By Tom Winnifrith | Wednesday 21 December 2016
Disclosure: I have no positions in any stocks mentioned, and no plans to initiate any positions within the next 72 hours. I wrote this article myself, and it expresses my own opinions. I am not receiving compensation for it (other than from ShareProphets). I have no business relationship with any company whose stock is mentioned in this article.
Oh dear, it just gets worse and worse for Aussie law firm Slater & Gordon (SGH), the near bankrupt owner of the fraudulent Quenron (QPP) businesses. It has now fessed up that the Australian Securities and Investments Commission (ASIC) has served it with two notices to produce documents relating to an “investigation into the accuracy of financial records and accounts of the company for the period between 1 December 2014 and 29 September 2015”.
Slater admits that the ASIC enquiry “seeks to determine whether those financial records and accounts were deliberately falsified or manipulated and whether the company or any of its officers have committed offences.”
S&G stresses that there is no presumption of guilt and that it is complying with the notices and will co-operate fully by handing over documents after Christmas and in full by January. Well it would say that would it not?
This all goes back to the issue of why S&G paid £649 million to buy the Quenron assets when Quenron was at that point insolvent so an offewr that would have ckleated the bank debt - say £50 million - would have been enough: the banks would have forced Quindell to accept.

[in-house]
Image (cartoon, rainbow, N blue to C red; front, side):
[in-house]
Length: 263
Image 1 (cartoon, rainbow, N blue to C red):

That, and the reckless lack of due diligence conducted by S&G as well as its failure to demand waranties relating to frauds that has been well publicised on this website and elsewhere has always been an issue for me, suggesting that the Quenron deal was a "hail Mary pass" by a management team that was already deep in trouble.
The fact that ASIC is now investigating whether S&G cooked its own books pre Quenron to ramp the shares is thus no great surprise to me. Shares in Slater are now just 25 Aussie cents having touched $8 as the Quenron deal was announced.
The real issue is the debt in which, cash burning, Slater is drowning. Reports two weeks ago suggested that one bank (Macquarie) had sold on its debt at just 45 cents in the dollar. That price tells you that a debt for equity swap is looming and thus near complete wipeout for the shareholders is the best they can hope for in 2017. The market cap is still cA$80 million which head of either a D4E swap or insolvency is at least 90% too high, even without news of a probe into allegations of severe financial crime.
That makes the shares a slam dunk sell.
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